Are You Qualified To Buy A Home?

Are You Qualified To Buy A Home?


This is one in a series of articles related to the sub-prime mortgage mess that dominated the news in 2007 and will likely continue to be big news throughout 2008.

Are you qualified to buy a home? Just a few years ago, it seemed as if that answer would have been “yes” for nearly any adult who could breathe and who had some sort of steady monthly income they could count on. Those days are now over as home lenders have tightened borrowing substantially; in some cases even buyers with good credit are finding it difficult to obtain a mortgage.

The news media is quick to point to the sub-prime lending fiasco as the main culprit to today’s mortgage financing problem. Market Watch’s Herb Greenberg, in consultation with industry expert Mark Hanson, sees a problem that is much deeper than that. Specifically, Greenberg and Hanson note:

  • Beginning around 2003, home lending started to become very lax. People with lower credit scores, who shouldn’t have been approved for a mortgage, were able to buy a home. The mortgage companies weren’t all that concerned as they planned to bundle and sell their loans to third parties.
  • Not being given the right amount of attention are certain exotic loans to wealthier buyers which are also imploding or will soon collapse in the months ahead. Pay Option ARMs, second mortgages, and hybrid intermediate-term ARMs, are not household terms, but they are mortgages issued over the past few years to qualified buyers. Each of these three mortgage options were considered prime loans, therefore escaping the light currently shining on sub-prime mortgages. Greenberg contends that sub-prime mortgages are only about 25% of the mortgage mess coming down, meaning additional government intervention will be necessary.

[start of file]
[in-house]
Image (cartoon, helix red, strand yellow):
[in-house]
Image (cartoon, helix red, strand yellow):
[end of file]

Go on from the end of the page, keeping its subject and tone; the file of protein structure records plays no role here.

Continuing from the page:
• Even the revered credit score was not a good indicator of a buyer’s ability to repay a loan. Many homeowners saw their scores improved as they refinanced to a new loan, thereby improving their credit scores. Any time that a homeowner was short cash, he could pull money out of the equity in his home to pay off other debts. You would refinance your first mortgage or increase the debt on your second mortgage, and your score would automatically increase.

As for you, the buyer looking at purchasing a home in 2008, what qualifies you to get a loan? Under previous slack conditions, you might have qualified without a problem, but today lenders are looking to reduce their risks. To qualify, you may have to meet at least the following minimum criteria:

  • An excellent credit score, 750 or above.
  • At least ten percent down, twenty percent to avoid PMI and to meet some lender’s stringent qualifications.
  • A steady income for the past two years with only a small amount of debt. Lenders will be conservative when looking at your debt to income ratio.

Before setting out to do house shopping this year, meet with a mortgage lender and get pre-qualified for a loan. In most cases you won’t be under obligation to borrow from the lender but you’ll find out if you can swing a loan. Besides, in this unsteady economy, home sellers want to know if you have the means to buy their home. You can prove it to them with a pre-qualification letter from a mortgage broker.


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Categories: Home Buying

About Author

Matthew C. Keegan

Matt Keegan is a freelance writer and editor as well as publisher of "Matt's Musings", his personal blog. Matt covers campus, consumer, business and financial topics on various websites and blogs, and has been published in the "Houston Chronicle", "Sam's Club Magazine" and "Wisconsin Golfer".